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Data from: Spatial distribution of nests constrains the strength of sexual selection in a warbler

Cite this dataset

Taff, Conor C.; Freeman-Gallant, Corey R.; Dunn, Peter O.; Whittingham, Linda A. (2013). Data from: Spatial distribution of nests constrains the strength of sexual selection in a warbler [Dataset]. Dryad.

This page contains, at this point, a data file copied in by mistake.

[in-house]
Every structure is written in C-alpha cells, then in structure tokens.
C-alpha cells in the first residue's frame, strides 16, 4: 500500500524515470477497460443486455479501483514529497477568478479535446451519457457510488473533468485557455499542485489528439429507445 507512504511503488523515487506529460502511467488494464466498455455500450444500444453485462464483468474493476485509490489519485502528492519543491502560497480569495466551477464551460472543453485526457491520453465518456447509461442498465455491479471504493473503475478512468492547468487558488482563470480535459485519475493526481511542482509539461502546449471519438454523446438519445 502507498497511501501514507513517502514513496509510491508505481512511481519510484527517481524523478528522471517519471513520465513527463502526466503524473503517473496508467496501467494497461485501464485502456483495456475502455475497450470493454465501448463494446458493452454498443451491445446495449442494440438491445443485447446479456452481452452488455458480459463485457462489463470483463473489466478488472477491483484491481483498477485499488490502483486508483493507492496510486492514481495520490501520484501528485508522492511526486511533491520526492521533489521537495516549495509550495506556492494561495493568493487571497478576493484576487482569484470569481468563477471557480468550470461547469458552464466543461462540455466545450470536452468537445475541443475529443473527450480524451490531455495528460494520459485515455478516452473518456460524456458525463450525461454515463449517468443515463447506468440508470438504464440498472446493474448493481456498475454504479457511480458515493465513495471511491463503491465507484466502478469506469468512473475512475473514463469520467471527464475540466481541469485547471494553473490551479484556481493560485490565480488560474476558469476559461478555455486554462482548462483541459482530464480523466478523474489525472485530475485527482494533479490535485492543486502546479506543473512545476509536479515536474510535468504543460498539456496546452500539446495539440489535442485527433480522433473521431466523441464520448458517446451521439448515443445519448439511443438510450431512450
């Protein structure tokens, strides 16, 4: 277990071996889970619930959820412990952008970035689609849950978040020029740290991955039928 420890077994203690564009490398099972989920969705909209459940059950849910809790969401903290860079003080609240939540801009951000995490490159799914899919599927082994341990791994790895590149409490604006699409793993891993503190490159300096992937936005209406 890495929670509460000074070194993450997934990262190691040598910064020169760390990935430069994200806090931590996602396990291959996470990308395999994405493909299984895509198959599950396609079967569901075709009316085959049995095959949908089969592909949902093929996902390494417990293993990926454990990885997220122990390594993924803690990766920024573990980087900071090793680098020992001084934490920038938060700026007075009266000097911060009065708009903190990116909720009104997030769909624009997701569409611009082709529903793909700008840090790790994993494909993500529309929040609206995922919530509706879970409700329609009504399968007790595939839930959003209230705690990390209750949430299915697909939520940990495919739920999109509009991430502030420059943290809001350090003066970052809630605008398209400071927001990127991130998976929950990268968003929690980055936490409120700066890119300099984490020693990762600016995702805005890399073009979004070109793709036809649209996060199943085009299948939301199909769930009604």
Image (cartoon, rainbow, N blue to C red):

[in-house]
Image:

In socially monogamous species, extra-pair paternity may increase the strength of inter-sexual selection by allowing males with preferred phenotypes to monopolize matings. Several studies have found relationships between male signals and extra-pair mating, but many others fail to explain variation in extra-pair mating success. A greater appreciation for the role that ecological contingencies play in structuring behavioral processes may help to reconcile contradictory results. We studied extra-pair mating in a spatial context in the common yellowthroat (Geothlypis trichas), a territorial wood warbler. Over the course of six years, we observed 158 breeding attempts by 99 males, resulting in a total of 369 nests and 520 sampled nestlings. The spatial distribution of territories varied greatly, with males having between 0 and 10 close neighbors and between 3 and 39 neighboring nestlings close enough to represent extra-pair siring opportunities. Both within-pair and extra-pair reproductive success increased with breeding density, but the opportunity for sexual selection and strength of selection varied with density. Total variance in reproductive success was highest at low density and was mostly explained by variation in within-pair success. In contrast, at high density, both within-pair and extra-pair success contributed substantially to variance in reproductive success. The relationships between plumage and extra-pair mating also varied by density; plumage was under strong sexual selection via extra-pair mating success at high density but no selection was detected at low density. Thus, ecological factors that structure social interactions can drive patterns of sexual selection by facilitating or constraining the expression of mating preferences.

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